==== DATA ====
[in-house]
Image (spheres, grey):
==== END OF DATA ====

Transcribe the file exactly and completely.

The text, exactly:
[in-house]
Image (spheres, grey):